Ben Underwood Uses His Ears And Tongue
to Compensate For Blindness
At Sheldon High in Sacramento, Calif., 14-year-old Ben Underwood is a
freshman like all the rest — well not exactly like all the rest. In his first
week at school, a lot of people at the school haven't guessed that Ben has a
You probably couldn't figure it out watching him in combat at karate class … or
hitting his mark in a pillow fight … or zipping down the street on his roller
blades. But in class, you'll notice that Ben takes his notes in Braille. He is
totally blind. His piercing brown eyes are made of plastic. He says he lost his
site two weeks before his third birthday.
Vídeo sobre um extraordinário
jovem cego que usa os ouvidos e a língua para compensar a cegueira
Ben had cancer in both eyes. But he discovered a way to beat his blindness. When
he was about 6, he started "clicking," and quickly realized that the sound he
made with his tongue bounced off things around him, giving him an idea what was
CBS News correspondent John Blackstone says it's amazing to walk with Ben and
discover what he can "see" with his ears.
"There's a fire hydrant on this side," Ben says a few clicks into their walk. "And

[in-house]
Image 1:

a car on this side. Wait, is that, no, that's a trash can or a, hold on, let me
see." After some more clicks: Ben walks up to a recycling can. "That's a trash
can," he says, laughing as he gives it a kick. "A trash can or recycling bin,
one of those."
Ben has much the same talent as the dolphins he visited at Sea World: the
ability to use echolocation — returning sound waves — to sense his surroundings.
His clicks even told him to step around a fallen trash bin, amazing Blackstone.
"I don't know how you do that," he says.
But the secret to Ben's success goes beyond his clicks.
His mother, Aquanetta Gordan, insists he should have every opportunity — but no
"Why should he get a break — I can't get a break," she says.
Not even because he's blind?
"No, he's not," she says with a laugh. "I mean, to society he's blind, but that
doesn't make him handicapped. He just can't see."
Aquanetta has always told Ben he can do anything.
"Once he said to be, 'Mom, I wish I could see.' And I said, 'But Ben, look at
what you can do' I said, 'If we had a blackout right now, everybody would have
to follow you.'"
Ben admits that during his first few days at high school, he got lost a couple
of times. But, he says, so did every other freshman.
The more Ben manages to be ordinary … the more it's clear that he's